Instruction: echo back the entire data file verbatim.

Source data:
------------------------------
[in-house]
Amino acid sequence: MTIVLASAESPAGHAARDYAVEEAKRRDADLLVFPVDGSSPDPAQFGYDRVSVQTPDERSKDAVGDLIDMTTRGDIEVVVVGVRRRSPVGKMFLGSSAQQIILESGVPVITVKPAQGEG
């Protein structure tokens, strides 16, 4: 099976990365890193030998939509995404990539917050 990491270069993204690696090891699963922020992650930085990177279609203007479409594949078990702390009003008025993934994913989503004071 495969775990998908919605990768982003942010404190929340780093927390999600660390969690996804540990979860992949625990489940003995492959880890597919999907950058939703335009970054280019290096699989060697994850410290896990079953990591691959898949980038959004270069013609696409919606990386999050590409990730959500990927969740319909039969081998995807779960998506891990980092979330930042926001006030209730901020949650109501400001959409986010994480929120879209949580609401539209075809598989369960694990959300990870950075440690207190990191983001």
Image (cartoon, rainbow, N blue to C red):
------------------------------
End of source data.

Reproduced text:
[in-house]
Amino acid sequence: MTIVLASAESPAGHAARDYAVEEAKRRDADLLVFPVDGSSPDPAQFGYDRVSVQTPDERSKDAVGDLIDMTTRGDIEVVVVGVRRRSPVGKMFLGSSAQQIILESGVPVITVKPAQGEG
């Protein structure tokens, strides 16, 4: 099976990365890193030998939509995404990539917050 990491270069993204690696090891699963922020992650930085990177279609203007479409594949078990702390009003008025993934994913989503004071 495969775990998908919605990768982003942010404190929340780093927390999600660390969690996804540990979860992949625990489940003995492959880890597919999907950058939703335009970054280019290096699989060697994850410290896990079953990591691959898949980038959004270069013609696409919606990386999050590409990730959500990927969740319909039969081998995807779960998506891990980092979330930042926001006030209730901020949650109501400001959409986010994480929120879209949580609401539209075809598989369960694990959300990870950075440690207190990191983001």
Image (cartoon, rainbow, N blue to C red):